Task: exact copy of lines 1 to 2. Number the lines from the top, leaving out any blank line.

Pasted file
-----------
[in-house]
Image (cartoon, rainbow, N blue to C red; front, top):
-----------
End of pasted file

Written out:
[in-house]
Image (cartoon, rainbow, N blue to C red; front, top):